Alexei Leonov became the first human to walk in space, when the cosmonaut stepped out of his spacecraft 50 years ago, on March 18, 1965.

The 30-year-old native of Siberia became the first "human satellite" to orbit our planet. While hovering outside his spacecraft, he performed a series of somersaults, flips and other aerobatics in front of a television camera that broadcast his activities back to Earth. He spent around 20 minutes outside the vehicle during this first-ever extra-vehicular activity (EVA).

The highly-secretive Soviet government did not announce the spacewalk until it had been successfully carried out, for fear of public failure. After the cosmonaut returned safely to his vehicle, officials in Moscow released pictures and videos to show off their technology.

American officials tracked the Voskhod 2 space capsule, and detected an open hole in the vehicle after the door opened. Officials in the United States were uncertain how the spacewalk was being carried out, including details of the tether used by Leonov. They were uncertain whether the cord carried air and communication lines, or was simply a way of connecting the cosmonaut to the craft, to prevent him from drifting too far from the vehicle.

"Circling the earth in a sealed and well-provisioned capsule has been demonstrated to be well within human capabilities, but the moon will never be explored, to say nothing of Mars and the other planets, unless fragile men learn to function in the outside vacuum where no earthborn organisms are naturally equipped to live," Time Magazine reported in 1965.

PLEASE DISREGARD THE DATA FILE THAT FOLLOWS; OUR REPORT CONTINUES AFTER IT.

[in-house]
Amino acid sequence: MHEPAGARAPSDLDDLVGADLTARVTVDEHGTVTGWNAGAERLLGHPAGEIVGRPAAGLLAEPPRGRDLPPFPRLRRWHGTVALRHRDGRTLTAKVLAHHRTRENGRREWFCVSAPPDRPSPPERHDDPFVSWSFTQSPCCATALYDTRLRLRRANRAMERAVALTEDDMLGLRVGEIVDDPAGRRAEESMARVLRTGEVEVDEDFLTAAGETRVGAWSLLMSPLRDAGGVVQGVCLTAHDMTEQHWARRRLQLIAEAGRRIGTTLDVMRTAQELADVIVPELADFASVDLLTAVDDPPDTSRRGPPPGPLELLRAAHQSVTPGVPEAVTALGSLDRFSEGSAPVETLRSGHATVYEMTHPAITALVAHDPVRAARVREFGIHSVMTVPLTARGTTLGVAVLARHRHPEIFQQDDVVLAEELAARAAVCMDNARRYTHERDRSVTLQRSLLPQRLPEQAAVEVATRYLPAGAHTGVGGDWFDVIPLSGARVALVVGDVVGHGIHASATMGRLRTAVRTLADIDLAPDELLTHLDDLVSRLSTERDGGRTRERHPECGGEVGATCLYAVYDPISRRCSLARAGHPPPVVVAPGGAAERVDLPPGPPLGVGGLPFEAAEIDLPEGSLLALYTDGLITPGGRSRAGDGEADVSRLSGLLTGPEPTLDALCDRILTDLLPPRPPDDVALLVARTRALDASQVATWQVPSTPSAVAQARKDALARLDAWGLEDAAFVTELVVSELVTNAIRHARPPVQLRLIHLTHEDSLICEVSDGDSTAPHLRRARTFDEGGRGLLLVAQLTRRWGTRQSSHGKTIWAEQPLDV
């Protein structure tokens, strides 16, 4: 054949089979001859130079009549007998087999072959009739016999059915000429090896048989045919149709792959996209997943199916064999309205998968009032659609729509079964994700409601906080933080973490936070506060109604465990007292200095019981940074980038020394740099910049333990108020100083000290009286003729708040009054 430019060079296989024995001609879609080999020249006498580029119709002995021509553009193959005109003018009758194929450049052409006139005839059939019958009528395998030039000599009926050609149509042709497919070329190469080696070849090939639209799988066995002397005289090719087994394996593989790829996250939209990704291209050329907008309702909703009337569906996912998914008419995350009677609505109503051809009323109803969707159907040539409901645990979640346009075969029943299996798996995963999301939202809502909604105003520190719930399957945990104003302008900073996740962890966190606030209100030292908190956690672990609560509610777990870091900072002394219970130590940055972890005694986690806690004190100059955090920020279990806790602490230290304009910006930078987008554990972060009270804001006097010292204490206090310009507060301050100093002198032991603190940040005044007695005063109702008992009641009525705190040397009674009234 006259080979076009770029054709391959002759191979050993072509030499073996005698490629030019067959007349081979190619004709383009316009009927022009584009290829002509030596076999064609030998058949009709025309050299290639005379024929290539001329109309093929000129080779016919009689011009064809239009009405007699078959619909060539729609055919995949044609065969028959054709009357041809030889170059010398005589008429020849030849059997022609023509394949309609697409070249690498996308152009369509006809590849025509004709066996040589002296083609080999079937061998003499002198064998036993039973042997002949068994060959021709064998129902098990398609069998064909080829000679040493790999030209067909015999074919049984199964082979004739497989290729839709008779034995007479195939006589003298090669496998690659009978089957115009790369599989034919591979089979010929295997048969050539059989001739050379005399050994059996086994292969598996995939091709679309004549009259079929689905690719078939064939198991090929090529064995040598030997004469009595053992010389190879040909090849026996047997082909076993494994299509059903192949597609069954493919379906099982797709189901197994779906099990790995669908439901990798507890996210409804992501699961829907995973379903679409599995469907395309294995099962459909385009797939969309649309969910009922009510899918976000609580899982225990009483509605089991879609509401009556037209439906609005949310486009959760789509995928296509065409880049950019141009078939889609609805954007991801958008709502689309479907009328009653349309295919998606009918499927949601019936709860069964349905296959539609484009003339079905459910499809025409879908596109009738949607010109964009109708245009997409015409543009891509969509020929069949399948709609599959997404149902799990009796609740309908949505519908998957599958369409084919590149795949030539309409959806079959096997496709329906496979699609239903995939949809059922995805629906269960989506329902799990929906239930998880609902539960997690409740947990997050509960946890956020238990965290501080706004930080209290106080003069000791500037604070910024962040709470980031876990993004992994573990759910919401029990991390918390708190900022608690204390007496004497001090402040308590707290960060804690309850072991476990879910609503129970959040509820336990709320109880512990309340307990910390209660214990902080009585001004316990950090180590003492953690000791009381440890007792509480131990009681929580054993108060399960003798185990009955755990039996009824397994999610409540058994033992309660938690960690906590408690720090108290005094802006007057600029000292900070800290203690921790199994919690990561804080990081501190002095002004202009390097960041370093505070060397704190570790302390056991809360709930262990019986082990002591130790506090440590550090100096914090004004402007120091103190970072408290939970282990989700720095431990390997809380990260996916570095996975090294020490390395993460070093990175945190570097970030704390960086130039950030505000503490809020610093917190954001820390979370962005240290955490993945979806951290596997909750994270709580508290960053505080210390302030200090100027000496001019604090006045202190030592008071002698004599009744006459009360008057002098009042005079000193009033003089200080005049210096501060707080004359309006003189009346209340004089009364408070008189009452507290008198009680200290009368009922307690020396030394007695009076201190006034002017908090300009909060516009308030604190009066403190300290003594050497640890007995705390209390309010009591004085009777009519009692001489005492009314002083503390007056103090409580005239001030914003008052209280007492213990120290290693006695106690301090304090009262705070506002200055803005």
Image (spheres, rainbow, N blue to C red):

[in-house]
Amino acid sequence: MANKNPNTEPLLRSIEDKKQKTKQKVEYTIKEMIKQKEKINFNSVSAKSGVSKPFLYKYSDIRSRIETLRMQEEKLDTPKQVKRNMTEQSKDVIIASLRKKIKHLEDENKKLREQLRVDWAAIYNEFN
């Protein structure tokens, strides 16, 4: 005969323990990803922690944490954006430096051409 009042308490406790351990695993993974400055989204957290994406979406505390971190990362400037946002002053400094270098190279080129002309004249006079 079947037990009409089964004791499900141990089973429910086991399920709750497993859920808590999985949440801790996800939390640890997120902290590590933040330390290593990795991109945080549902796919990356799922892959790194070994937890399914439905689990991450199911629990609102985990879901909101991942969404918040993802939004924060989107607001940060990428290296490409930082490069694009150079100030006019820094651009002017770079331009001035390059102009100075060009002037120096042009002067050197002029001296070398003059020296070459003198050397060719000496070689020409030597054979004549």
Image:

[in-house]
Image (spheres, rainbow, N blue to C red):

During that time, Soviet rocket boosters were significantly more powerful than American launch vehicles. This allowed that nation to send heavier space capsules to space than was possible using American technology.

Although the first spacewalk lasted just 12 minutes, this was a tremendous step forward in learning how to live and work in space. Not until recently have robots been developed that are capable of fine motor skills allowing them to perform repairs and maintenance on spacecraft and satellites.

Leonov is still alive today, and he played a part in the film "Apollo 13: To the Edge and Back."

Learning how to operate outside a space vehicle was one of the techniques that had to be developed in order for American astronauts to head to the Moon during the Apollo program. Ed White became the first American to walk in space during the Gemini 4 mission on June 3, 1965.

Spacewalks are fairly common today, but the ability to carry out this activity would never have been developed if Leonov had not taken that first step outside his spacecraft five decades ago.

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